Defendant told Ms. Houk to pick a bed for the night, but she was worried about staying in the cabin when he was upset with her and told him that she would just camp. (T.R. 19:3-13.) Ms. Houk grabbed a flashlight and returned to her car which was about fifteen steps down the hill. (T.R. 19:14-16, 24-20:12.) Defendant followed her and demanded that she give him the key to the cabin. (T.R. 20:15-16.) Ms. Houk was panicked because she had no cell reception and could not get away from the situation. (T.R. 20:18-20.) She told Defendant to stop following her and tried to go as fast as she could to get in the car and lock the doors. (T.R. 20:20-23.) She got into the driver's seat but before she could lock the doors, Defendant opened the passenger door and started struggling with her for the keys. (T.R. 21:3-9, 18-22, 22:4-8.) Ms. Houk told Defendant to get out of the car and leave her alone. (T.R. 22:9-14.) As they were struggling over the keys, Defendant grabbed Ms. Houk's wrist and pried the keys from her hand, causing the keys to be separated from the fob and injuring her pinky finger. (T.R. 22:12-18, 23:1-7.)

         After Defendant got the keys, he exited the vehicle. (T.R. 27:19-22.) Ms. Houk saw lights from the nearby road and went to get help to get her keys back. (T.R. 28:7-15.) Adam Bree was driving by in his truck with his two-and-half to three-year-old daughter in the vehicle. (T.R. 28:17-22; 71:13-72:2.) He noticed that Ms. Houk was upset and crying and stopped his truck. (T.R. 72:6-9.) Ms. Houk told him that she had been attacked by her brother and asked for his help to get her keys back. (T.R. 30:16-31:22.) Defendant who was on the porch, started coming toward the truck. (T.R. 31:23-32:2.) Defendant was loud, using inappropriate language, and calling Mr. Bree out of his vehicle. (T.R. 72:11-13, 73:2-3; 75:14-21.) Mr. Bree told Defendant to quiet down because he did not want him to use expletives in front of his child. (T.R. 73:4-6.) Mr. Bree went to drop his daughter off, telling Ms. Houk that he would return with his father to get her keys back. (T.R. 34:12-14; 72:13-17.)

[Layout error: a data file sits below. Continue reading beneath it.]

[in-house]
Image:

Ms. Houk locked herself in her car and, while she was waiting, Defendant came out of the cabin. (T.R. 34:18-35:4.) He told her to get out of the car to get her keys and that if she would not then he would throw them into the woods. (T.R. 35:4-8.) When Ms. Houk refused to get out of the car, Defendant walked into the woods and then went into the cabin. (T.R. 35:11-15.) When Mr. Bree returned with his father, they looked in the woods for the keys and Defendant came out telling them they would not find the keys there and that Ms. Houk needed to come inside the cabin to talk to him. (T.R. 35:16-11; 73:17-20.) Defendant was still “running his mouth” as if he wanted a physical altercation. (T.R. 73:21-25.) The woman inside the cabin came out and told Defendant to give Ms. Houk her keys. (T.R. 36:13-15.)

         The following day, Ms. Houk went to the ranger station around mid-day to file a report on the incident. (T.R. 38:17-25; 79:13-17.) Ranger Skeen was working at the ranger station and sat with Ms. Houk until a law enforcement ranger arrived. (T.R. 79:9-80:15.)

         II.

         DISCUSSION AND DECISION

         Defendant has been charged with a violation of 18 U.S.C. § 113(a)(5), Simple Assault within the Special Maritime and Territorial Jurisdiction of the United States, and 36 U.S.C. § 2.34(a)(3), Disorderly Conduct: Unreasonable Noise.

         A. ...